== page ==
By Fr. Fred Kammer, SJ
We recently saw the assault on the Patient Protection and Affordable Care Act [PPACA] close the federal government (costing at least $25 billion dollars) and almost wreck the economy by refusing to lift the debt limit. Lest we go through that again, it is important to remind ourselves about the who, why, and what of our current health care reform. More>>
By Fred Kammer, SJ
Poverty is one of the three focus areas for the work of JSRI. In their 1986 book-length pastoral letter Economic Justice for All the US Bishops reminded us of the importance of confronting poverty in these words: "Dealing with poverty is not a luxury to which our nation can attend when it finds the time and resources. Rather, it is a moral imperative of the highest priority."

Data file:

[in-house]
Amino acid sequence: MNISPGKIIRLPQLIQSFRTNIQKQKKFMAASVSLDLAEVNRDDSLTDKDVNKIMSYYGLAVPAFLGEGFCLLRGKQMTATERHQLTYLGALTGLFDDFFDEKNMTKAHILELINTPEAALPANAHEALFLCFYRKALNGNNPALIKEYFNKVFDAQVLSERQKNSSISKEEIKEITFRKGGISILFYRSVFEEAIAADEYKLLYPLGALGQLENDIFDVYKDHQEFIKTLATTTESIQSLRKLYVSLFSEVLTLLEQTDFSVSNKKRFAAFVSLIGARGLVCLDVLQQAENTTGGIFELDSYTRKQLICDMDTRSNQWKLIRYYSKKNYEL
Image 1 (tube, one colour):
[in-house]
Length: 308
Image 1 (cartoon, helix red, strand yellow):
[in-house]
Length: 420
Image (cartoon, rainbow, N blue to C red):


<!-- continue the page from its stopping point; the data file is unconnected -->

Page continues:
But what does it mean to speak of poverty in the United States? Drawing on the tradition of Catholic Social Teaching, the bishops explained it this way, “By poverty, we are referring here to the lack of sufficient material resources required for a decent life.” Then, in the next sentence, they acknowledge the complexity of the question, “We use the government’s definition of poverty, although we recognize its limits.” And a footnote introduces elements of the national debate about what we call “the poverty line.” [Continue on to MORE about measuring poverty and poverty in the Gulf South.]
The Payday Shark in Your Bank Account -- Mikulich
Catholicism and Capitalism -- Kammer
Banner Image: Brenda Ann Keneally/AmericanPoverty.org